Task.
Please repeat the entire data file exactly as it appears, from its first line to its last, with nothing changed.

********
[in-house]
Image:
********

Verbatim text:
[in-house]
Image: